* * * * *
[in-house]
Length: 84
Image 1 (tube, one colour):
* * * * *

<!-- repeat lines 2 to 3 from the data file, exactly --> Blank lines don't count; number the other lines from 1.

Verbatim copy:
Length: 84
Image 1 (tube, one colour):